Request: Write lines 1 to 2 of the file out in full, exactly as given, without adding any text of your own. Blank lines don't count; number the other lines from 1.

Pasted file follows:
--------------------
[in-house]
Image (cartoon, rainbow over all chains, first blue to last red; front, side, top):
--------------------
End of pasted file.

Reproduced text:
[in-house]
Image (cartoon, rainbow over all chains, first blue to last red; front, side, top):